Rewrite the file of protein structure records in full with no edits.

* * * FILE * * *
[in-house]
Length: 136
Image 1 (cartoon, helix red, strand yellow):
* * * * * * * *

[in-house]
Length: 136
Image 1 (cartoon, helix red, strand yellow):